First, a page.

Is there a “Slow Media Movement,” or is it just me?

"South Park" creators Matt Stone & Trey Parker made this animation, featuring Zen philosopher Alan Watts, that criticizes the culture of busy-ness.


Communication is a zero-sum game, to me. Since there are only 24 hours in a day, all the time I spend with one medium is time I can't really commit to another. People like to think that they can multi-task, but a lot of limitations come into play. You can listen to NPR while you type your blog (as I'm doing now) but blogging can't be performed simultaneously with writing a postcard (my next task). Also, the quality of my attention to the radio is pretty low right now; Terry Gross' guest sounds vaguely like Arianna Huffington but I couldn't tell you what the topic is.

To appease my longing for analog media, I've started toying with the idea of doing a digital media fast. All the time I spend online now will be devoted instead to postcards, letters, and whatnot. This will require a lot of substitution: landline for cellphone, fax for e-mail, record player for i-Pod, etc. Essentially, I'm going to pretend that it's 1989. In trying to come up with a term for this category of media that I'm trying to reinvigorate, I came up with "analog" and "anachronistic" before settling on Slow Media, in the spirit of Slow Food and the attendant Slow, or Slow Living, Philosophy.

As it happens, a quick Google search for "slow media" shows that other people have spontaneously generated the same concept and made the same connection. Helen de Michiel, a filmmaker who produced "Turn Here Sweet Corn" in 2001, links community-supported agriculture to the "slow media practice" that she espouses. Matt Shepherd, who seems to be a comic-books kind of guy, asked last year whether Slow Media was "a movement or a menace" and concluded that it was neither. He considers hand-written letters,
books/comics ("especially local authors"–analogous to "food miles," perhaps?), conversation groups, theatre,
and live music to be slow whereas fast would mean "cell phones, movies, the Internet, recorded
music and Clear Channel-type radio." I have my own ideas about where this boundary should be, so 'll have to get back to this definition in a future post.

I've mentioned my digital media fast to people a few times, and most of them seem to think that I'll be depriving myself of the Internet and cellphones. But it feels more like liberation than deprivation. As Matt Shepherd noted in his blog, "Saying 'Hey, cell phones suck' is not nearly as interesting to somebody as presenting a positive alternative." He also points out the irony of fostering a Slow Media Movement online but hey, what else are we gonna do?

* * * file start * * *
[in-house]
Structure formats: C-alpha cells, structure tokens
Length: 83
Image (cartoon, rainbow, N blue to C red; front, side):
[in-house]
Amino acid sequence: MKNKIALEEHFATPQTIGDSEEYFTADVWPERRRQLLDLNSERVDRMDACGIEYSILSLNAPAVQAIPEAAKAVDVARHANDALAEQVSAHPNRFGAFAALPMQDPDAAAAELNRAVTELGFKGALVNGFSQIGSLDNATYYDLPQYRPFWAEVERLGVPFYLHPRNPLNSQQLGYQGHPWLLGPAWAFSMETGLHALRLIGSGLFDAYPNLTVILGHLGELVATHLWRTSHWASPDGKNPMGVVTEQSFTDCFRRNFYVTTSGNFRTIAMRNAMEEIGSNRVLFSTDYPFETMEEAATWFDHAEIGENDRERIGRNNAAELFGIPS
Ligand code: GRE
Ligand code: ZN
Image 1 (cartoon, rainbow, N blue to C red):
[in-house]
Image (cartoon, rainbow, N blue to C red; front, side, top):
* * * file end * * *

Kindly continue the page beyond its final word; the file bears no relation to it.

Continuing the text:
6 Replies to “Is there a “Slow Media Movement,” or is it just me?”

  1. You used Google to find out about the slow media movement. That’s kind of funny. When you go on your fast, I may have to send a Pony Express to you with a note carved on wood. That would be hip.

  2. Only if you have an aquatic, swimming pony since you’ll be living in Paris by then!
    My argument isn’t that digital media are totally evil, but that they’re being adopted unquestioningly and despite the good they may do for our interpersonal communications, they’re also doing some harm. Also, that something important to our culture is being (has been) lost as we abandon(ed) analog communication specifically and as we embrace efficiency, speed and cheapness as guiding principles for human endeavor more generally.

  3. I do a digital media fast every weekend if I can manage it, and during vacations for even longer if possible.
    It really allows me to notice my surroundings, and when I return to a clogged Inbox and overflowing FB page, I realize how much of it is junk.
    I love postcards and put them up on my wall as soon as I receive them. Can’t do that with on-line posts, at least not in the handwriting of the author!

  4. Digital media fasts are a great idea for keeping balance. They do take some discipline, or maybe some outside help. (This is why I’m looking into software that reminds me to get offline and stay there!). Though they are inherently negative… the term emphasizes what you’re giving up instead of what you’re getting. Any alternative suggestions?

  5. I like your theme about being aware of the consequences. As a psychologist, I spend a lot of time thinking about thinking (it’s called metacognition). I actively ask, “What is the benefit?” “What are the implications?” “What are the risks and do they outweigh the benefits?”, etc. In days past, things changed so slowly that there was time to re-think, and change directions should something bad happen. Now, we have moved ten steps ahead before we realize that we made an error way back at, say, step 2. As humans we lack the ability to be sure of long term outcomes and it would serve us well if we went no faster than a step or two beyond our realy knowledge so that we could recover. Alas, however, it is extremely difficult to be successful in business, for example, without the trappings of speed.

  6. So right! As individuals and as a society we’re rushing headlong forwards. I’m a firm believer in progress, but is change always for the better? The relationships and expectations, especially business ones, behind the technological use are much of the problem. People used to strive to be as available, “on” and productive as possible in 40 hours… but now the work has no bounds and comes homes with us. I have the internal desire and discipline to get away from technology but I might be less successful in relative terms because I’d be compared to people who were willing to sacrifice their personal well-being. That’s why this is a cultural problem: social Darwinism, even?

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